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Carry Me

Coping with “Carry Me”

If a child, who was happy to begin walking last month, now wants to be carried more than usual, it may mean he is feeling insecure. This is a normal phase. New and unfamiliar events —such as moving to a bigger bed, starting a new preschool or adjusting to a new baby in the family, can trigger a need for reassurance.

What You Can Do

• Spend more time together and be sure to include lots of hugs and cuddling.

• Find a middle ground. Help your child adjust by finding an option in between walking and being carried. A stroller is good to have as a backup so your child can walk part time and ride part time. Or, he may even want to push the stroller with his favorite toy in it.

• Be aware of distances. Children’s shorter legs have to work harder to cover the same distance as you. Don’t ask your child to walk too long.

• Be firm, but encouraging. If he asks to be picked up at times when you can’t carry him, you might say, “Mommy loves you. I can’t carry you right now, but I really want to hold your hand.” Tell him how proud you are he is such a big boy and walking.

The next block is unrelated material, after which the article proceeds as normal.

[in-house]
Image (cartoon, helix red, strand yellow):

• Talk through the situation. “You can walk from the car to the store and then, if you want to, you can ride in the cart. You are so good at knowing when you need to rest.” When we tell a child he needs to walk, it may feel too overwhelming.  Talking about choices between all or nothing will help him gain needed security to get through this phase.

It is exciting for a child to learn new skills, but it can also be scary. It is important to let your child know he is loved and that you will be there for him as he takes on new challenges.

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